Alcohol Lawsuit: Temporary restraining order extended - KCBD NewsChannel 11 Lubbock

5/18/09

Alcohol Lawsuit: Temporary restraining order extended

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By Ann Wyatt Little  - bio | email

LUBBOCK, TX (KCBD) - It will be at least another 90 days before you can get beer, wine or liquor

in most of Lubbock. Both sides, plus the judge, agreed to extend a recent temporary restraining order and say they are ready to negotiate zoning ordinances. It's difficult to put a time stamp on exactly when you will start seeing alcohol inside city limits.

In a brief court hearing Jeff Hartsell, a city attorney, said retailers had raised points "worthy of consideration" in the lawsuit. "We agreed to give the city 90 days to adopt an ordinance that moves closer to legality," says Attorney Zach Brady who represents Pinkie's and Majestic Liquor stores.

Why does Brady say 90 days? According to City Planner Randy Henson, all of that time will be needed. "90 day process is what it takes to change a zoning code. It may sound like a long time that's why its stretched out a bit," says Henson.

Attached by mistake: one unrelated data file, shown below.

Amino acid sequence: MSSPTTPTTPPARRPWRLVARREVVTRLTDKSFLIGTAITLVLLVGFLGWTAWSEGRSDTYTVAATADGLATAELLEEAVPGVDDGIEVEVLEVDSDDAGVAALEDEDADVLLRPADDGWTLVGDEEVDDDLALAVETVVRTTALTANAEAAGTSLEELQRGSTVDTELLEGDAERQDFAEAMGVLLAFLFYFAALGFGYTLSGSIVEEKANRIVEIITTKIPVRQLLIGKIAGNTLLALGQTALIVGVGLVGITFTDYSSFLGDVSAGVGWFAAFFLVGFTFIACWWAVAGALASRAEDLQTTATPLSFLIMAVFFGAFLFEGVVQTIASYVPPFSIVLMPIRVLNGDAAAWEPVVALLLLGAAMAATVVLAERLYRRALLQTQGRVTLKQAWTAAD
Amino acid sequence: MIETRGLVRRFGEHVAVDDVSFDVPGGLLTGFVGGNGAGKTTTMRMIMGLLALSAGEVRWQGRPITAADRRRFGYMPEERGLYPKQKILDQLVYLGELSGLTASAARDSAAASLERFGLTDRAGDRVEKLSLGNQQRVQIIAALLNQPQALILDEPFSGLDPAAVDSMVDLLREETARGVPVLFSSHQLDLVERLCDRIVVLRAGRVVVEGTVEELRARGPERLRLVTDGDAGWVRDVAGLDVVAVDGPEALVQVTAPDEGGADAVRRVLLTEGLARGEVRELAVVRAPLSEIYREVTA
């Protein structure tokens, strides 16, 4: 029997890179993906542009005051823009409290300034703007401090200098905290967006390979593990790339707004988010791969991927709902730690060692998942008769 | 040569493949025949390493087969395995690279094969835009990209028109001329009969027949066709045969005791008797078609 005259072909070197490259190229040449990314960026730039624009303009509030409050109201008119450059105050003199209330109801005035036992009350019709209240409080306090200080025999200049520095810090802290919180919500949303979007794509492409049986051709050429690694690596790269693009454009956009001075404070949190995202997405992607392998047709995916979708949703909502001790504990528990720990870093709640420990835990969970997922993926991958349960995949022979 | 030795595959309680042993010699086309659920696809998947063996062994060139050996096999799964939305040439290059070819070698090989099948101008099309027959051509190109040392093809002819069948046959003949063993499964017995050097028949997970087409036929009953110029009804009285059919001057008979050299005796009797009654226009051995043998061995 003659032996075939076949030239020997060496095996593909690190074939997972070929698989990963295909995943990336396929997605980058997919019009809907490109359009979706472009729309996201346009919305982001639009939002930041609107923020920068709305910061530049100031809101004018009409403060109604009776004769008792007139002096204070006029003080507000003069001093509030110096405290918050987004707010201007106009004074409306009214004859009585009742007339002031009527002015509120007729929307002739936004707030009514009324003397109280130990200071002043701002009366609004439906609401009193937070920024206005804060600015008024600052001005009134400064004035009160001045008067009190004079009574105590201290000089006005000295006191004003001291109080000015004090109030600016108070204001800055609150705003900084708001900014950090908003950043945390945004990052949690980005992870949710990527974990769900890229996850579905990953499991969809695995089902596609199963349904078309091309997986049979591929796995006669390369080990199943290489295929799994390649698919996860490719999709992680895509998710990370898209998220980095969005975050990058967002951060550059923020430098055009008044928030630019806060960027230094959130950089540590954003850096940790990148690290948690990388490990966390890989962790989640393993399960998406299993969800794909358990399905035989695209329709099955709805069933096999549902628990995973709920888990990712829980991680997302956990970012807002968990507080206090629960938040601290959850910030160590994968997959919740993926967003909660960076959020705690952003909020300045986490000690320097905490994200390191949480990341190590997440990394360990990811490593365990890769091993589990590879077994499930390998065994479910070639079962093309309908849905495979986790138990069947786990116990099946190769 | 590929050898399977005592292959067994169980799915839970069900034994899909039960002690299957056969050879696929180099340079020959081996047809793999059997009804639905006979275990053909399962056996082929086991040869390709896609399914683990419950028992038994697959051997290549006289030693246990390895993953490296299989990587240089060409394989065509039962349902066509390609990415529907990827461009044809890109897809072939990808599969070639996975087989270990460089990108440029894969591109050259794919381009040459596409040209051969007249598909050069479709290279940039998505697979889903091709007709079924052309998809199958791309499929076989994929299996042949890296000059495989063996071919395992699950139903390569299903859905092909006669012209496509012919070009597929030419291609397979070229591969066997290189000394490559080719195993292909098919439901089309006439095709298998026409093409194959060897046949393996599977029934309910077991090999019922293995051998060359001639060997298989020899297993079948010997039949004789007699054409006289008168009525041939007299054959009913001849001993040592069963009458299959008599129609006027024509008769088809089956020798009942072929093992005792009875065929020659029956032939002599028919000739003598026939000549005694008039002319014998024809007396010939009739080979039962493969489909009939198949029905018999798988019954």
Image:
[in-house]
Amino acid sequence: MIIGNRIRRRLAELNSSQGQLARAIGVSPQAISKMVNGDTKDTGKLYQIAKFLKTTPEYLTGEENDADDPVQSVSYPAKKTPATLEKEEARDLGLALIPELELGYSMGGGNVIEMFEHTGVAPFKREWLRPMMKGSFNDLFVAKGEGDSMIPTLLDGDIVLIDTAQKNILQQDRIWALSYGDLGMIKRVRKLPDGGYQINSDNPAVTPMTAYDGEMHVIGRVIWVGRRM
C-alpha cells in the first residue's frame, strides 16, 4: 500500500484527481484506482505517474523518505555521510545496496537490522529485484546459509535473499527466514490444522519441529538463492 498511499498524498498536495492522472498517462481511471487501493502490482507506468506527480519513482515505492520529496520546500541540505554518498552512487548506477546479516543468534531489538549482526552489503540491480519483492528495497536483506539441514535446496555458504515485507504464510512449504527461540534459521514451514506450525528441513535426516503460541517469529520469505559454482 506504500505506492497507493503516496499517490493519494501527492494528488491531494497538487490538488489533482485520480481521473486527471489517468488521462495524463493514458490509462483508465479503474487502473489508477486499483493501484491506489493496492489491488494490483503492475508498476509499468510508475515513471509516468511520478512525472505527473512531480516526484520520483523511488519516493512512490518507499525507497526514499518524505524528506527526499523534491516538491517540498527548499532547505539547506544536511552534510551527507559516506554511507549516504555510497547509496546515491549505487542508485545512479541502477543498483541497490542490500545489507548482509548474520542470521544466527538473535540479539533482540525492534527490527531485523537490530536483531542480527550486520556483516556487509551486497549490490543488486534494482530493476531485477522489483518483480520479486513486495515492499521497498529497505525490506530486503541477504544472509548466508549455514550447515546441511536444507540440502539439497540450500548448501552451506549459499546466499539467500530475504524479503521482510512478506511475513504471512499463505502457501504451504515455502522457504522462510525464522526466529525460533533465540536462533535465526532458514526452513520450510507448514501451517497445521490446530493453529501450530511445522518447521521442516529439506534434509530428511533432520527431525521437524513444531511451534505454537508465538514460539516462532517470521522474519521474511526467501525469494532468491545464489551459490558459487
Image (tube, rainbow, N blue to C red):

In a brief hearing Monday, Judge Sam Medina told both parties it was wise to spend efforts negotiating. But what exactly is at issue? "The current allegation is that we're not treating establishments that have liquor permits the same as other establishments in that same district that don't have a liquor permit," says Henson.

To put that into simple terms, Brady says the city can zone, but it's discriminatory to impose different codes for wet and dry stores by imposing square footage requirements. The current zoning code allows the sale of alcoholic beverages in grocery stores with 35,000 square feet or more, but it restricts package liquor stores to 3,000 square feet or less. "We need to come to an agreement on square footage for the store is what the bottom line is," says City Planner Henson.

Both sides say they're ready to resolve this zoning dispute. "I'd like to say I'm hopeful this shows the city is willing to work to resolve the issue," says Brady. "We've had some good conversations so far," add Henson about the progress.

Brady says if negotiations fail, he'll be back in court but if the issue is resolved the parties will return and throw out the lawsuit. Only when the restraining order is lifted, may new alcohol permits be issued. TABC says it takes anywhere from 1 to 3 months to process permits. Based on the negotiation process, it could be months before alcohol is in grocery and convenience stores.

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